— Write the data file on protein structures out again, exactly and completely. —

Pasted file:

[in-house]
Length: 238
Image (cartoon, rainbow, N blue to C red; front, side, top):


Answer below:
[in-house]
Length: 238
Image (cartoon, rainbow, N blue to C red; front, side, top):